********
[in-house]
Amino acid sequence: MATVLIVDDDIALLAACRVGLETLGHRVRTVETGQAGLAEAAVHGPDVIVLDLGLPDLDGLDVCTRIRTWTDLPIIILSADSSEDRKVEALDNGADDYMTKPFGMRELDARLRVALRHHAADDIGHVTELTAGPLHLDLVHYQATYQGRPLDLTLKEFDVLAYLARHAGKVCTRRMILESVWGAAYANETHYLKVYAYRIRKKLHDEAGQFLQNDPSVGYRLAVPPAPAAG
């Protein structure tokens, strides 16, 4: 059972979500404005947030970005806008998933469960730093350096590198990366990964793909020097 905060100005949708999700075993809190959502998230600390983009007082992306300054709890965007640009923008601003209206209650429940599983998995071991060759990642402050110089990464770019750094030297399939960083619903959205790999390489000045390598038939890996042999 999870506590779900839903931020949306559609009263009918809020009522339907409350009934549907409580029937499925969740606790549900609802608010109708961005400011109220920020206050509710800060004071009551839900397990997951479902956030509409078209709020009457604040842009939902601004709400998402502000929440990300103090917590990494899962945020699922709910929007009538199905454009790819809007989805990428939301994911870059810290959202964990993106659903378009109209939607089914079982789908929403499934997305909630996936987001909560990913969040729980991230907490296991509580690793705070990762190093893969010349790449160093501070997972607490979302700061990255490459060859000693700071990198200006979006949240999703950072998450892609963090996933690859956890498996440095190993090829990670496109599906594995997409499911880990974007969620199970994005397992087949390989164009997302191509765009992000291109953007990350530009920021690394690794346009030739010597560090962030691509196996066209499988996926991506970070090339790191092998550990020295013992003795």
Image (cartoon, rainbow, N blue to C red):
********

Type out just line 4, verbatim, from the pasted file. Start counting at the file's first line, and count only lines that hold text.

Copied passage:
Image (cartoon, rainbow, N blue to C red):